Not only which country, but within the country. It might seem like a great idea to fully immerse yourself in a rural school and live in untouched jungle/beach paradise. But if the entire enormous ESL teacher community lives in the city, you might find yourself feeling isolated. Think about the things you loved most about the last place you lived. It’s also worth thinking about your commute. 40km in Costa Rica takes at least three times longer to travel than it would in Australia. The general rule here is that if it takes more than 1 bus/train, question your choices.

11. Visas

Depending on how long you stay, most schools will support you financially or just logistically to get a work visa. Some schools would prefer you not to draw attention to all their staff working and flying under the radar. Some schools just haven’t quite figured it out yet. Visas can also be expensive, and though border runs aren’t cheap, a forced holiday every 3 months isn’t that bad! 

12. Red Flags

Remember that ex who had a suspicious habit of wearing odd socks? Yeah that was a red flag, and you should keep an eye out for them in job interviews too. I was once asked how I planned to ‘deal with’ my Australian accent in classes. I was offered the job but I’m glad I didn’t take it because I don’t know many teachers who worked for that company longer than three months. Other red flags include unanswered questions (never allow the language barrier to be an excuse at an ESL job interview), high teacher turnover rate, an ‘alternative’ teaching method that they swear by, a low percentage of foreign teachers, a management team composed entirely of men, a confusing or strict contract, and of course schools who don’t have a coffee machine.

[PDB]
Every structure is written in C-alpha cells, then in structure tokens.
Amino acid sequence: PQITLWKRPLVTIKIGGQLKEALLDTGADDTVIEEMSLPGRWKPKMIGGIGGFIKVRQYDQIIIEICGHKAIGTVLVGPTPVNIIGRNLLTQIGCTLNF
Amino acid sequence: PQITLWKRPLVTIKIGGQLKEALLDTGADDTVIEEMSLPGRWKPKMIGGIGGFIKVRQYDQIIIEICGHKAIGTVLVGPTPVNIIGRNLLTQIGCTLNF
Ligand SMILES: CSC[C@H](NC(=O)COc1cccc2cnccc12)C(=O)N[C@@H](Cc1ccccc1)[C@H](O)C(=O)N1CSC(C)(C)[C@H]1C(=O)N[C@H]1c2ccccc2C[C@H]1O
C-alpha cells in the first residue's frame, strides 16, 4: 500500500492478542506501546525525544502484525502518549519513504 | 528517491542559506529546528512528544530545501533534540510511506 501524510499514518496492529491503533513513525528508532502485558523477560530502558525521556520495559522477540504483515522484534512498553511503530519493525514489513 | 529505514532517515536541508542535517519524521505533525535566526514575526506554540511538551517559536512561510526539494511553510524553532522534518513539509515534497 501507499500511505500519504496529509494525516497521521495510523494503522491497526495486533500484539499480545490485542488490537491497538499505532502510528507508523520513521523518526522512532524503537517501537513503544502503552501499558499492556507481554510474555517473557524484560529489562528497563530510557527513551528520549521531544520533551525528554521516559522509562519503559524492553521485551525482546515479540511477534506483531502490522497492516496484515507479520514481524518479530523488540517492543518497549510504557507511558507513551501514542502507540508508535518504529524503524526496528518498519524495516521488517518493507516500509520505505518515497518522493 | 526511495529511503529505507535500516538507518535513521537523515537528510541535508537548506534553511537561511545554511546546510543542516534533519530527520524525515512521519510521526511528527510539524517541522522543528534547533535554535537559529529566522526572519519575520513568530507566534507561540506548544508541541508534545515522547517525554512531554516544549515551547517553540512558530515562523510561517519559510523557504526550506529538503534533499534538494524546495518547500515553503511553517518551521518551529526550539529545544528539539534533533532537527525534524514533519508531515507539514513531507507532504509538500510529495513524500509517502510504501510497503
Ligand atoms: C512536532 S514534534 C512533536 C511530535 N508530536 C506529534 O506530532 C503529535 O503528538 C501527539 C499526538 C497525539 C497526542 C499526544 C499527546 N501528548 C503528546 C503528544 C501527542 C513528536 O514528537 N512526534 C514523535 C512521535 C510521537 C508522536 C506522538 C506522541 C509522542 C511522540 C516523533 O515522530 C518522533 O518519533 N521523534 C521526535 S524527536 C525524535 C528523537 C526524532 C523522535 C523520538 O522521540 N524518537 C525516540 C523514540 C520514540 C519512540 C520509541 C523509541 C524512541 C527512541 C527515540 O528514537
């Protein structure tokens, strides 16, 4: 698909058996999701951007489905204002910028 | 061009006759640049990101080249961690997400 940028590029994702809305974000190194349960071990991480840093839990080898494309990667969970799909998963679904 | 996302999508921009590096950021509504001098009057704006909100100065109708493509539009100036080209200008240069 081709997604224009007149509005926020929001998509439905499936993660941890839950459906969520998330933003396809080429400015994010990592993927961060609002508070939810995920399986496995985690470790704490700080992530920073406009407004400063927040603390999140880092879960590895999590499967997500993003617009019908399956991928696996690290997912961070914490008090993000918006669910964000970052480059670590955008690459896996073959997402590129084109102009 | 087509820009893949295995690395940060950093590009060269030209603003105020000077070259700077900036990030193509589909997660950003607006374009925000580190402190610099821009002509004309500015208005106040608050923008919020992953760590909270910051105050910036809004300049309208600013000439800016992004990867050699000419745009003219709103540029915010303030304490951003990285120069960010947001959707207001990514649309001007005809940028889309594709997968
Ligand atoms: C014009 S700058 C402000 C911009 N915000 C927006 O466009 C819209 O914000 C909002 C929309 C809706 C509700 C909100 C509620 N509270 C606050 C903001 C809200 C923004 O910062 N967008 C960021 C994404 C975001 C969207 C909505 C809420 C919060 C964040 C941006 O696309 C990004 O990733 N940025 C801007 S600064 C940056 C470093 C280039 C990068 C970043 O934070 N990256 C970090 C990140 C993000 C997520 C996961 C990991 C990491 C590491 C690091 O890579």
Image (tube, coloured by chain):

Luckily, if you take one of the International TEFL Academy’s TEFL classes, they know most of the schools that are worth working for. During my course at ITA Costa Rica in January 2018, we were given a very knowledgeable run down on local schools and their philosophy, including some recruitment and Q & A sessions with the schools themselves. Whether you do the course online or in-country, ITA’s Job Search Guidance is outstanding, and was part of the reason I chose ITA when I was researching TEL accreditation schools.

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You could be happy wherever you choose to work - happiness is homemade. But you could find yourself very attached to your amazing students while gradually coming to resent your school for something that seemed unimportant to begin with. What are your deal breakers?

Teaching ESL is also an industry with a high turnover rate, which means the perfect job might open up if you just wait a week or two extra. Make sure you check out the country’s peak hiring times, and work on that whole ‘patience is a virtue’ thing. Remember, you got this superstar!